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While admitting that certain provisions of Republic Act No. 10175 are unconstitutional, Solicitor General Francis Jardeleza maintained that the government needs to fight crimes committed on the Internet.
When the Supreme Court issued a four-month-long temporary restraining order against the controversial Cybercrime Prevention Act last October, the unusual length of the TRO was widely interpreted as a deferential gesture. The high court wanted to spare Congress the embarrassment of a new law being declared unconstitutional, by giving it enough time to amend or revise the law’s controversial provisions.
By Peter Wallace
A remarkable year 2012 was. In his time, President Fidel Ramos brought about some dramatic changes in the business environment—changes that to this day we are still benefiting from. He deregulated the key sectors—sectors that are now vibrant and competitive: telecom (there would be few cell phones today if PLDT had retained its monopoly), power (we’d still be having blackouts), oil and banking.
By Angel Redoble
As an IT/cybersecurity practitioner for 16 years, I had foreseen the possible catastrophic impact should malicious hackers launch an attack against our critical cyberinfrastructure. So if you ask me whether we need a cybercrime law or not, my answer is “yes,” definitely. In fact we needed it 10 years ago. However, I agree with the view that libel by ICT shouldn’t be considered a crime.
The Cybercrime Prevention Act is a law that should not be. It came like a horse-kick that dealt a black eye on our freedom of expression. Drawing widespread criticisms, it is now facing several petitions that are seeking its annulment by the Supreme Court. Shoddily crafted, it lacks finish and the intricate details for refinement that could make it look like a flawless gem—no cracks, no holes. Its context and substance clearly show that the law was flimsily enacted—like a food that is either inadequately or incorrectly cooked, say, a hamburger grilled on the engine hood of a car. Thanks to its authors, some of whom have great understanding of law.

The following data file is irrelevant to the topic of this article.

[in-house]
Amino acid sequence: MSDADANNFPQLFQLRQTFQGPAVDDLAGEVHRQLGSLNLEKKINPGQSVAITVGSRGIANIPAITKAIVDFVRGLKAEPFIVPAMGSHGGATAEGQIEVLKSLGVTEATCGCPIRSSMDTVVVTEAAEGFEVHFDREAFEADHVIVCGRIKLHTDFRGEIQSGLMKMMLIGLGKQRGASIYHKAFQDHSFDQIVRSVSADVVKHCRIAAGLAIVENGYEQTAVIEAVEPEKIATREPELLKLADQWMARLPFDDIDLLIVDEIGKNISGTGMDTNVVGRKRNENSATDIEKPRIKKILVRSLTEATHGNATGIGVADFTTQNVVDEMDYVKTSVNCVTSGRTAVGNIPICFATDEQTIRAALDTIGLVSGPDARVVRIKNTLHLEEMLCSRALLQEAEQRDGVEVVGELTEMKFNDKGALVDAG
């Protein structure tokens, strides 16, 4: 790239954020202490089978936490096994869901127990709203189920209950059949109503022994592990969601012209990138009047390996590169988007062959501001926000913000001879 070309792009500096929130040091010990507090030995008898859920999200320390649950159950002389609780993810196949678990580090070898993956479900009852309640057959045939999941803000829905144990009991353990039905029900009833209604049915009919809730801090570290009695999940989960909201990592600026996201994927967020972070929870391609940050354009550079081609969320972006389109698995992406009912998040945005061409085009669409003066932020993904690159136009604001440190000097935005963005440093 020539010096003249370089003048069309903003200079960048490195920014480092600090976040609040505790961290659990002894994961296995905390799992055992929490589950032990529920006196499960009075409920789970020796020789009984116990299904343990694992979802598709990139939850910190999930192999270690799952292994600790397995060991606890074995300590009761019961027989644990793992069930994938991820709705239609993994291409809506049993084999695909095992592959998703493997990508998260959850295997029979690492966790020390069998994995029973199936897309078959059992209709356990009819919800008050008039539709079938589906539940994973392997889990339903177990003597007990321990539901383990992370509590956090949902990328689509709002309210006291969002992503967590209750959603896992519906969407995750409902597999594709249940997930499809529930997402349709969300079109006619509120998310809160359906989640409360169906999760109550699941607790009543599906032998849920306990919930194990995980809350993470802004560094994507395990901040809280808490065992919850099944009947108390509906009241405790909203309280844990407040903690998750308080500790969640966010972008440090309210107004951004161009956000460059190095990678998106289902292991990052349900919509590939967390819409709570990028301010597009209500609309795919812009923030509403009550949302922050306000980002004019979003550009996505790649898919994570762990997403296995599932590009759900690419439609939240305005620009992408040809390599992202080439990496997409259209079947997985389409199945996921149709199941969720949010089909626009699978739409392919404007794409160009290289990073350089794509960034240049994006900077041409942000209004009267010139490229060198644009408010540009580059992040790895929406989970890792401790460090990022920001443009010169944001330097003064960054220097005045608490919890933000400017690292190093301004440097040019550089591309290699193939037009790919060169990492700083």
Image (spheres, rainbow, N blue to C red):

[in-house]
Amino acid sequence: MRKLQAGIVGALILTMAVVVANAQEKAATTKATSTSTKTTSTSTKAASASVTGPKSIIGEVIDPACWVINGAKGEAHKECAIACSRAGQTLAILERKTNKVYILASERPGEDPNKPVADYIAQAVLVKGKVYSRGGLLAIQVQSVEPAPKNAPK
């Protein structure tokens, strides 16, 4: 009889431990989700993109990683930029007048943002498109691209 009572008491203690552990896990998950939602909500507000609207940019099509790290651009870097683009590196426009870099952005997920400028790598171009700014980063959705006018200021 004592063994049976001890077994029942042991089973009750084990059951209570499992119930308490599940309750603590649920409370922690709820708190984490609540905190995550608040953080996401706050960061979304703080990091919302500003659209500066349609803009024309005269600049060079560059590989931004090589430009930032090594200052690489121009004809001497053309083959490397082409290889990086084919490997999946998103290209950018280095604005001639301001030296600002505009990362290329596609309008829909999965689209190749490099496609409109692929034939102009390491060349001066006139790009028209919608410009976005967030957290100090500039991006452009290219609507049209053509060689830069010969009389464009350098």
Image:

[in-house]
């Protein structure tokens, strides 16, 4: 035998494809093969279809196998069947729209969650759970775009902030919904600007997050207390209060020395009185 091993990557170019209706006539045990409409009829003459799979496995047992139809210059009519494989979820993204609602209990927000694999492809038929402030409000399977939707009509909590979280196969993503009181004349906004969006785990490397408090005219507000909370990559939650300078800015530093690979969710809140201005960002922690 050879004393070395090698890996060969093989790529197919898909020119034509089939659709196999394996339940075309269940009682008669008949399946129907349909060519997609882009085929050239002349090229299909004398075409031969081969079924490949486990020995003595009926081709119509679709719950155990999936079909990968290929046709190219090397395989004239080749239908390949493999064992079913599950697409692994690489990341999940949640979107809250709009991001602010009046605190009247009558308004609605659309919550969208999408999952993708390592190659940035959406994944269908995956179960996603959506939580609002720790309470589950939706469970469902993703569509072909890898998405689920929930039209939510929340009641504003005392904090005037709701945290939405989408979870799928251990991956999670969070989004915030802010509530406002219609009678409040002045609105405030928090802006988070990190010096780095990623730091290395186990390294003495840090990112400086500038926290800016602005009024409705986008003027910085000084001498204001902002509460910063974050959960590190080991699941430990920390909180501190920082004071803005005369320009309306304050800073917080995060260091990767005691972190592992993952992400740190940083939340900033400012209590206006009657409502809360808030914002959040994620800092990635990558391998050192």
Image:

By Vicente V. Mendoza
A popular comic strip in America many years ago featured two bumbling characters, Alphonse and Gaston, both of whom had a penchant for politeness. Gaston, the tall one, would say, “After you, Alphonse,” and the latter, the short one, would insist, “No, you first, my dear Gaston!” The show of excessive politeness would go on and on, with the result that neither could do anything or go anywhere because each insisted on letting the other precede him. Today, the catchphrase “After you, my dear Alphonse” is heard whenever a dare is made to a person to do something difficult or even dangerous.
The National Union of Journalists of the Philippines welcomes the Supreme Court’s issuance of a temporary restraining order on the implementation of Republic Act 10175 or the Cybercrime Prevention Act.
Deserving or not, Sen. Vicente Sotto III has become the lightning rod for criticism about the new cybercrime law. Despite initially denying that he had inserted the much-maligned libel provision into the law, he is still seen by many as the culprit because of his recent speeches in the Senate, opposing the Reproductive Health or RH bill, using plagiarized content from blog posts. People may be speculating that he had the most to gain from inserting the libel provision because of his disdain for bloggers and their consequent uproar.
I’ve always wanted to be a journalist, that’s why I took up Mass Communications. I am now in my fourth year.
By Conrado de Quiros
Edgardo Angara, author of the anticybercrime law, justifies it in this way: “Why was the penalty (for libel) raised? The only rationale I can think of is that because of the novelty and swiftness, and the spread and reach of information and communications technology, it becomes an aggravating circumstance. With one click, you can send it (the libelous statement) all over the world.”
By Florin T. Hilbay
With the passage of the Cybercrime Prevention Act (RA 10175), the government has entered the online thicket in a substantial way. Petitions have been filed questioning the validity of the Act, giving the Supreme Court the opportunity to define our rights in digital space. This is an important case because the Internet has become an important platform for individual and social activities that generate meaning and profits, produce identities and opportunities, or structure views and conversations. In my opinion, even a generous reading will not save RA 10175; it is unconstitutional because it is overbroad.
By Walden Bello
It could have remained Sotto’s Folly, the cybercrime law with the controversial libel provision that Senator Vicente Sotto III inserted during the Senate deliberations on the bill.